Bankroll Management Guide. Protecting Your Bankroll
The most important factor that contributes to any gambler’s success is practicing good poker bankroll management. If you’re bad at managing your money, you will go broke. It’s really that simple.
So we want to know how best to manage our poker bankroll if we want to win consistently. The name of the game here is protection – we want to only play in situations that are profitable for us, and only with cash we can actually afford to drop. That way, we’re never over-extending ourselves, or playing scared money.
By protecting our poker bankroll, we avoid gambler’s ruin; and that’s the most important thing you, as a gambler, can do. Let’s look a bit closer at why and how we should practice bankroll management.
Stake and Bake: Don’t Fry Your Stack
I like my chicken baked. A slow, thorough cookin’ in the oven helps to release flavours from the bird that can’t be matched by a fry.
I like my gambling the same way. I want to grind a profit slowly and steadily; because if I try and build my roll too quickly, I could end up getting myself burned.
You’ve probably heard horror stories about guys who’ve taken shots at the big time. We’ve seen them in the movies, Rounders being the first to come to mind. We’ve read about them in books, One of A Kind, the Stu Ungar story, being perhaps the most prominent among many.
It’s a story that gets told over and over again: Guy takes shot at too-high stakes with too little cash; Guy goes bust and dies homeless and alone.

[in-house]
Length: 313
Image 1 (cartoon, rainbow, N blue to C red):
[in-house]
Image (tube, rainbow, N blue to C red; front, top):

That’s not a story I ever want to live out myself, and I don’t want you to go through such an ordeal either. So I implore you to play within your poker bankroll. Building bankroll management that way, you’ll never go bust. You’ll slow-cook your way into a slow and steady income.
Playing Within Your Bankroll
So what exactly does playing within your bankroll mean for poker bankroll management?
At a minimum, it means you’re not taking shots at $10/20 NL with only $2,000 to your name. That’s nuts, and you’re almost certain to go bust doing so, no matter how skilled you are.
On the other end of the risk-aversion scale, there are guys who won’t play a game of $0.05/$0.10 NL without $500 in their accounts. That ensures they’ll almost never go bust, even if they’re pretty bad; but it’s pretty darn conservative.
Ideally, you want to be somewhere in the middle of the two extremes. Here’s a basic formula for calculating the stakes you should be playing:
1. Add up all the cash in your bankroll. Note that I do NOT mean all the cash you have to your name. I mean all the cash you’ve set aside to gamble with – above and beyond living expenses. That’s very important. You never, ever, ever want to be gambling with your rent money. You will not win, and you’ll regret it later.
2. If you’re playing online NL Holdem cash games (try Full Tilt games), divide your entire poker bankroll by 30. The number you come up with is the buyin of the stake you should be playing. So if you’ve got a $1000 buy-in, you should play (1000 / 30) = $33.33, so somewhere in between $25 NL and $50NL. If you feel like you’ve got an edge, go for $50NL — but know that you’re taking a risk. If you want to be conservative, and lessen your risk of ruin, play $25NL until you hit (30*50) = $1500.
3. If you’re playing online Limit Holdem cash games, divide your entire bankroll by 300. The result of such bankroll management is the Big Bet of the stake you should be playing. So if you’ve got a $1,000 bankroll, play either $1/2 or $2/4, depending on how much risk you’re comfortable taking.
4. If you’re playing online Holdem tournaments (PokerStars hold plenty), you should divide your poker bankroll by 100. The result is the buy-in of the stake you should be playing. So if you’ve got a $1,000 bankroll, a comfortable buy-in for you would be $10.